Does Playboy Yoga Fuel Stereotypes?

Playboy Yoga

A recent blog posted the nude Sara Underwood yoga video published by Playboy in 2009, reigniting controversy as to the broader role of nudity and sexuality in yoga.  Clichés of beautiful, bendy, hyper-sexed “yoga goddesses” are memorialized on Playboy’s yoga website, in a paean to the homogenous images of “yoginis” that litter pop culture. Such depictions engender fears that female yoga practitioners will be reduced to sexual objects, reinforcing stereotypes. Nonetheless, to the ire of feminists, Playboy has been featuring strong women, including Olympic athletes, for decades. But is something lost in translation?

Human experience, and especially yoga, is profoundly subjective, comprised of the rich, embodied inner life of the practitioner. Any individual immersed in this richness will naturally attract the other’s gaze. Of course in yoga, there is also the allure of spandex, low-cut tops, and compromising poses (assuming one is clothed).

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And yet, the observer can never fully appreciate the inner world of the observed. The practitioner becomes an object for the viewer’s consumption; a blank slate upon which all desires project. As such, reactions to Underwood’s video are a cultural Rorschach, saying little of her and belying rather the voyeur’s lusts and cogitations. This blank slate unwittingly reinforces the fallacy that all women who do yoga do so for the pleasure of the observer, rather than for their own reasons.

The consequence? Websites that post fetish photos—some taken without the subject’s knowledge—of girls in yoga pants. Viral youtube videos poking fun of yoga culture, reinforcing stereotypes of sexy female practitioners and the horny, inappropriate men who attend yoga classes to ogle and hit on them.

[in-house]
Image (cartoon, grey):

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Of course, there is something intrinsically sensual (as divine) in the practice of yoga. Some tantric paths of yoga employ ritual sexual practices to access this, while others transmute sexual energy internally toward the same aim. Many tantric and Hindu depictions of the goddess feature partial nudity, and are incredibly diverse. By turns terrifying and glorious, they portray the full spectrum of womanhood: sensual, motherly, compassionate, angry, wise. These rarely raise objections; their sacredness goes unquestioned.

Such portrayals differ markedly from the homogenous, stereotypical media portrayals of 21st-century “yoginis,” including Underwood’s playboy video. The latter seems more reflective of cultural platitudes than the fierce, raw, messy subjectivity of women, yoga practitioner or not.

Problematic, then, is the larger cultural tendency to objectify women to the exclusion of their subjectivity. This is even more egregious when it occurs through the depiction of yoga, which for many women represents a safe haven, a place to experience deep nurturance, comfort, and solace; to be ourselves, stripped of pretense, unspooling our layers, naked but for us and the divine. When made aware of an external gaze, this reverie may be altered.

So too, when sexualized representations of “yoga” clutter the culturescape, subjectivity is lost to the external viewer. The sacred spaces where people gather to take yoga may feel less safe or facilitate less depth in practice, as appearances and poses take primacy over the inner world.

What do you think about the tendency for part of mainstream culture to sexualize yoga?

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